Good Friday

Today we celebrated Good Friday at church. This is one of the reflections I wrote for that service. The painting was done by a team of beautiful and clever people I get to journey with.

Thinking of you today – may you find life and hope in grief and despair.

easter crosses

While the drama of the crucifixion plays out in an intensely physical and earthly place we must lift our gaze to contemplate the great spiritual drama in play.

The lashings, jeerings and mocking are the least of what Jesus is enduring. At this time sin, sickness, defeat, despair, depression, oppression and brokenness is being transferred to Jesus, the final atoning sacrifice.

In the Old Testament we see sin atoned for by the priest laying his hands on the person and the animal brought for sacrifice – the sin passes from the sinner to the animal, often a lamb. On the cross we see Jesus, our great high priest, the mediator of a new covenant, take up all sin.

What once had to be done again and again to make atonement for sin is achieved once for all, on a wooden cross on a hill shaped like a skull.

None of the bystanders could begin to perceive the exchange at this moment – the chief priests as they justified their win, the disciples as they feared and agonised, the women as they openly grieved the one they loved.

How often do we walk past the cross without stopping to meditate on the truly cosmic moment when the Trinity was torn in two, where the final victory was achieved, where the words ‘It is Finished’ truly meant it is finished.

And then the curtain tore.

A huge and heavy embroidered curtain, reported to be up to 4 inches thick was torn from top to bottom – from God to man – the supreme gift, a way into the holy of holies.

What was once a dividing place between the holy and the unholy instantly accessible to all.

God’s holy presence no less holy, no less awe-some, no less powerful but because of Jesus we are now made holy and worthy to enter.

His blood the sacrifice we could not make. His broken body taking away our brokenness, our shame exchange for his garment of righteousness.

Jesus has defeated death itself – not for his disciples, not for Jews, not for good men but for all – for strangers, for the lost, for the sick, for gentiles and women, for children and for all of creation – right out to the edges of the cosmos.

This act of Jesus, conceived by God as the ultimate rescue mission, initiated in heaven, is for all of the created order.

In this divine exchange the whole of creation’s brokenness is taken up into Jesus and finds in him the answer and the cure.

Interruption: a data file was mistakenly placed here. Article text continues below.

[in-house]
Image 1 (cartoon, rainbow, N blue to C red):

May you know the Presence of God today and may your heart leap at the welcome into the Holy place.



I like to have a word for the year. Some sweet thing dropped into my heart that ripples through the year and holds me like an anchor when the tide comes in and the waves begin to crash around my little boat.

The word, my word, for this year is masterpiece.


I’m not much one for making masterpieces – my hems are seldom straight when I sew, and I never quite measure properly when I bake, and for the love of literacy I ought to conquer the common comma… but I don’t.

Masterpiece seems a little pretentious; self-absorbed, prideful even. It’s not that I think I am capable of creating masterpieces… far from that.

This word has grown in me though, swelled and enlarged, since I read this sentence:

Creation then, is not the aftermath of a battle but the plan of a craftsman. God made the world not as a warrior digs a trench but as an artist makes a masterpiece.

Timothy Keller – Every Good Endeavour.

Too often my world, my ‘work’, my doing and being is treated like a warrior digging a trench.

I feed myself a narrative that is filled with the sighing of the small niggles, the mundane requirements, the hard, the tiring, the small. Yet, here I am encountered by a different invitation.

The invitation to work, live, endeavour, strive as an artist who is working on a masterpiece.

I have but one opportunity to pass through this year. One chance at today – at its mundane and its extraordinary – and I can treat them as a trench to dig or a masterpiece to create.

This is my word.

This is my invitation – to partner with the one who makes a masterpiece from dust and words. Who gives honour and beauty to the small and to the great.

This is my challenge – to shift the way I think about the everyday, the painful, the boring.

When I look at the masterpiece makers of the world I am sure that the creation of those masterpieces required a great deal of boring, a great deal of perseverance, a great deal of belief that the masterpiece would come from the application, discipline and doing of the daily work.

Masterpiece is my word for the year. May it skip like a skimmed rock across the waters of my life and ripple out and out and out until I see, and realise, and commit, to being an artist not a trench digger.

Do you have a word for this year? Do you see yourself as an artist in the day-to-day? Do you glory in your ‘work’ as an opportunity to make beauty?

May we all be artists, and may the work and living of 2016 be truly a masterpiece in your life and the life of others. xxx